Tart it up

Well it’s happened again.  The slow but inevitable progression of time has once again thrown us into the cruel and ignoble gladiator ring known as Fall, or as I like to call it, “The Pre-Winter.”  I know, I know.  Some of you like fall.  The cooler, sweatshirt-y weather, the apple cider and donuts, the corn mazes and the tricks-and-or-treats.  It’s glorious, Josh says.  Ha.  I know the truth.  It’s the beginning of the end…

…of my summer vacation from blogging.  Did you miss me?  We’ll just pretend you did.  I missed you too.  In fact, I’ve brought you this gift.  This beautiful, delicious gift:

Do you like it?

It’s a plum tart.  I love plums.  I love stone fruit in general.  But I’d never actually cooked plums before, and I generally shy away from anything that requires me to make my own dough.  Today was a “Cook all the things!” kind of day though (I also made a chocolate cake, and cherry cobbler yesterday).  I must have been feeling ambitious.  I’m sure with a good night of slacking and a hefty dose of TV, it’ll go away on its own.  Not to worry.

Anyway, the tart.  It was delightful.  I got inspired by the good deals at the store and bought a bag of tiny little plums and thought, “Tart!” I perused a few recipes online to find something simple, no custards or whisking or large ingredient lists.  Finally, I found and adapted this recipe from Eating Out Loud.

Plum Tart
Adapted from Eating Out Loud

1 1/4 cups all-purpose flour
2 tablespoons sugar
1/4 teaspoon salt
1/2 cup chilled unsalted butter cubes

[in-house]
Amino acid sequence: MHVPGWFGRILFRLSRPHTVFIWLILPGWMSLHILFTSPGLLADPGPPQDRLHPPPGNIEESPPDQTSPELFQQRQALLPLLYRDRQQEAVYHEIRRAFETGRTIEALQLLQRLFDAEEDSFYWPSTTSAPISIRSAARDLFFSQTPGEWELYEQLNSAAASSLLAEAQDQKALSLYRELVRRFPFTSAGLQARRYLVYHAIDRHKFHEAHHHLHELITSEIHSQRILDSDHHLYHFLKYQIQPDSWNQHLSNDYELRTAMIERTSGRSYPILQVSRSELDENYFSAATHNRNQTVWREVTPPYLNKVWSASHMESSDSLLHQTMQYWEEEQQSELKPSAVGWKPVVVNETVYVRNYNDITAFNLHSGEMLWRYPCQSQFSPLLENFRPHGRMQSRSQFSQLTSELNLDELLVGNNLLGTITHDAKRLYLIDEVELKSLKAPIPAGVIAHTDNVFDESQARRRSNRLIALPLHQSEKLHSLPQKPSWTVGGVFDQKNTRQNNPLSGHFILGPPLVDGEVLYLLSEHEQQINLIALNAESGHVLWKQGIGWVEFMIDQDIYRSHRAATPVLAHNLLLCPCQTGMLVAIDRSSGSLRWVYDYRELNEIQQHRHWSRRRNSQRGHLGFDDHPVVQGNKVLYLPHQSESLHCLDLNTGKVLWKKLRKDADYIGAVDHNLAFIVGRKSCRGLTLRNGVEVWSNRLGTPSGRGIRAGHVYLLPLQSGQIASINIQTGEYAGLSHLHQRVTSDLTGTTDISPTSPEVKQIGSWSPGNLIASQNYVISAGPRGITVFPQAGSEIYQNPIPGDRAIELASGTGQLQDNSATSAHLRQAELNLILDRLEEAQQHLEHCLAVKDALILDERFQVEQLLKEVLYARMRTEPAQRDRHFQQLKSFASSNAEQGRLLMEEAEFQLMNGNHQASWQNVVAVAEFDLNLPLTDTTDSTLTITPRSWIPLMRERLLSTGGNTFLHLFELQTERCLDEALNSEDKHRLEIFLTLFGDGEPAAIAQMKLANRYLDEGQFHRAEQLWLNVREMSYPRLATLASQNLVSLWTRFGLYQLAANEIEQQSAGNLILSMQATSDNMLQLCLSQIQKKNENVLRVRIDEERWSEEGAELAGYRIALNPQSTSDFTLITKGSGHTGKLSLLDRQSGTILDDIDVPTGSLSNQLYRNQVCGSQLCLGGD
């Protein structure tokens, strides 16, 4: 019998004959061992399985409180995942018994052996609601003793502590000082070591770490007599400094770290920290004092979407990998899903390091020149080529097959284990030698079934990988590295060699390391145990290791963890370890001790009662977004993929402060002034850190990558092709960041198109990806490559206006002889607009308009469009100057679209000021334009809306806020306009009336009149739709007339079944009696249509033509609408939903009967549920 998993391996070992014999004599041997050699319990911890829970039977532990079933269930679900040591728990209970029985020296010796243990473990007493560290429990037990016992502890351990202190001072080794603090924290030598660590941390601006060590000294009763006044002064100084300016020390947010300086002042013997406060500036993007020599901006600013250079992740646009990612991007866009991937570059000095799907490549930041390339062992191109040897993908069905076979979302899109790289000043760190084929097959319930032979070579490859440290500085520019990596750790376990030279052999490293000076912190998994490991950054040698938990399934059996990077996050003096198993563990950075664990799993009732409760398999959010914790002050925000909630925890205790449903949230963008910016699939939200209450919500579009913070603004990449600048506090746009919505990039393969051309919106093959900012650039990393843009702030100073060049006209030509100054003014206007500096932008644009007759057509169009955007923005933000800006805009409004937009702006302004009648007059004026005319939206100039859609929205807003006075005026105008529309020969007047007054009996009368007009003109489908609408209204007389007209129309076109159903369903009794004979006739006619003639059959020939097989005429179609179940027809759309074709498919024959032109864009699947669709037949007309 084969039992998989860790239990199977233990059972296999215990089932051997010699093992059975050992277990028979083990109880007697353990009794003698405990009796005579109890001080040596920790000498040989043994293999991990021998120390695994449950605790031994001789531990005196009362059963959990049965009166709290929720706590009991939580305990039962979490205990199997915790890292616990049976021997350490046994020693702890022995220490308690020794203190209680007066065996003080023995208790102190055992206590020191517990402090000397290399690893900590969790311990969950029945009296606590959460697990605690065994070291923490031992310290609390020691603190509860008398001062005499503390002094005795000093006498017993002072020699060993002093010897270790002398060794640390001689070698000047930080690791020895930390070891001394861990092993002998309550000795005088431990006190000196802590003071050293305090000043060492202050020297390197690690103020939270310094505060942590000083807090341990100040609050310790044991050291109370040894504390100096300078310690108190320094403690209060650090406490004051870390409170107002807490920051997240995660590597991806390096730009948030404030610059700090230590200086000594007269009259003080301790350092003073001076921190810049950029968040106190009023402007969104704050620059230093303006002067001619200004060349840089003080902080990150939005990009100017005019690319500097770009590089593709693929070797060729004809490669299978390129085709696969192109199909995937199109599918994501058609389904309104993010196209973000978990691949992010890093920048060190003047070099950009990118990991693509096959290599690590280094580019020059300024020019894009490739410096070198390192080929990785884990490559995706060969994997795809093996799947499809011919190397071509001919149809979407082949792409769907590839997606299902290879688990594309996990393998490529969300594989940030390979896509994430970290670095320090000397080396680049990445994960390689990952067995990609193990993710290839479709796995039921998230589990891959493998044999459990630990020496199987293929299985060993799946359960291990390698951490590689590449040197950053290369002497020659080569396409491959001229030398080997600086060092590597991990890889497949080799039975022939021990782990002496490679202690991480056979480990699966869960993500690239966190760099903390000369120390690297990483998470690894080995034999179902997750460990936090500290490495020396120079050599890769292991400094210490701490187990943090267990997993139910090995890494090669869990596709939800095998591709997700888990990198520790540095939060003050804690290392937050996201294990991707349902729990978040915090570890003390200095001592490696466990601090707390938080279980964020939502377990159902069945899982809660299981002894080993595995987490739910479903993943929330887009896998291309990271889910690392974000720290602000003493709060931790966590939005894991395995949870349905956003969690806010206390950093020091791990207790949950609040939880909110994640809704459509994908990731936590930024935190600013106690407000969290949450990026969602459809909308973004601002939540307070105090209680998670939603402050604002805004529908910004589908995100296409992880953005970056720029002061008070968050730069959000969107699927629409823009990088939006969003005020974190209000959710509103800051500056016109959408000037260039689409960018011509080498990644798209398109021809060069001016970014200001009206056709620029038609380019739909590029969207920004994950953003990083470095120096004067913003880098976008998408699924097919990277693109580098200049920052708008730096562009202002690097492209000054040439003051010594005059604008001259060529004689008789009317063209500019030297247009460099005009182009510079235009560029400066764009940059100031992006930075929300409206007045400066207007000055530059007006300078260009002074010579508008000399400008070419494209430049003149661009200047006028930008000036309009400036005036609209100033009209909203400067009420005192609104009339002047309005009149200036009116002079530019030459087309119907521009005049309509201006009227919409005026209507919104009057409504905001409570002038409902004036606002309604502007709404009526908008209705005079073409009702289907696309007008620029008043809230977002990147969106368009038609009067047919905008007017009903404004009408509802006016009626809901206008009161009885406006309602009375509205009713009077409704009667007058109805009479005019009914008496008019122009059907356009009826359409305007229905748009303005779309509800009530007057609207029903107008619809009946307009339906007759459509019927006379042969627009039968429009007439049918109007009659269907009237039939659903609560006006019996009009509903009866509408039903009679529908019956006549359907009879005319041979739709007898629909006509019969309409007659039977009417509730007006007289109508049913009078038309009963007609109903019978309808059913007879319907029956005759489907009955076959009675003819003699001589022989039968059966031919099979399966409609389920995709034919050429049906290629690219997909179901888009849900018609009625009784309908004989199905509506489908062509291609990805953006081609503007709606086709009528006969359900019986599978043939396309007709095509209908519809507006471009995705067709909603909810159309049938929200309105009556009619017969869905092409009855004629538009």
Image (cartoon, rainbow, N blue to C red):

3 tablespoons ice water

1lb plums
4 tablespoons raw sugar + 2 more tbsp
1/2 tablespoon cinnamon
1 tbsp vanilla extract or 1/2 tbsp vanilla bean paste
1 tablespoon all-purpose flour
2 tablespoons unsalted butter, melted
1 egg, beaten with a tablespoon of water

Make Crust
Combine flour, sugar salt and cold butter in the processor; pulse a few times until you get that “coarse meal” kind of look.  Then drizzle in a few tablespoons of ice cold water and pulse until the dough comes together into a ball.  Wrap in plastic and store it in the fridge for at least an hour, or overnight.  When ready to use, roll out the crust into a relatively-circle-ish shape and put the crust on a cookie sheet or in a pie pan.  Sprinkle the flour and  1 tbsp of sugar over the crust.

Prepare Plums

Wash the plums, pit them and cut them into slices.  Mine were pretty small, so I cut them into quarters.  Cut yours however you like.  Honestly.  It doesn’t affect me at all.

Toss the plums with 4 tablespoons of raw sugar, the cinnamon and vanilla bean paste.

Arrange the plum slices in a pretty design, like concentric circles.  Or don’t.  Whatever makes you happy.  This is a happy dessert.  It’s the Bob Ross of desserts.  There are no mistakes; only happy, delicious accidents.  Just don’t set anything on fire.  Fold the crust in and pour melted butter over the plums and brush egg wash (egg and water) over the crust, sprinkling it with the last tbsp of sugar.  Bake it in the oven (cause really, where else would you bake it?  The tanning salon maybe) at 400F for about 40 minutes.

Let it cool, slice it up and serve it with a dollop of whipped cream and a sangria.  Consider it a toast to a happy pre-winter fall.


What’s the difference between a tart, a pie and a torte?
Pies and tarts are relatively similar, except that while pies sometimes have top-crusts, tarts usually do not.  Pies often have flaky crusts, whereas tarts usually have shortbread ones but that also has many exceptions.  However, a torte is completely different from either a pie or a tart.  A torte is a rich cake usually comprised of multiple layers that generally features a filling (jam, mousse, buttercream, etc) and is usually glazed or topped with something.  They also contain very little flour.


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